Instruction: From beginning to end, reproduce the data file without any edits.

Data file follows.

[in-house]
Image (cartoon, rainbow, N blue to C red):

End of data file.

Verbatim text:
[in-house]
Image (cartoon, rainbow, N blue to C red):